Karan Johar is afraid of the ‘C’ word: What his row with Kangana Ranaut is really about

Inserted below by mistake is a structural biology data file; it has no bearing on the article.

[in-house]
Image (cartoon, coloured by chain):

If you have read Karan Johar’s recently released autobiography, An Unsuitable Boy, you could be mistaken for thinking that he holds women in high regard. Of course, his stance on Kangana Ranaut has got nothing to do with his love and reverence for his mother, Hiroo Johar, or some of his close women friends such as Gauri Khan — but he would never accuse them of playing the ‘woman card’ or ever think of calling them ‘victims.’ Following Kangana Ranaut’s statement on his popular talk show Koffee with Karan where the actor called Johar the “flag-bearer of nepotism”, Johar has gone to town saying that he is tired of Kangana Ranaut constantly playing the ‘woman card’. Kangana has also mentioned to Karan Johar that in the past he had given her unnecessary attitude by saying that she wouldn’t make it and made fun of her English in a previous episode of his show. Johar topped his comments on the whole Kangana issue by saying that if Kangana felt so victimised, she was free to leave the film industry if things were so bad.